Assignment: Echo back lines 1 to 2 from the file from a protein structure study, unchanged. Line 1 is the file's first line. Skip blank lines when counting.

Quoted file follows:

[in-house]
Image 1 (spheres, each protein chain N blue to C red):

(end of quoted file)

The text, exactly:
[in-house]
Image 1 (spheres, each protein chain N blue to C red):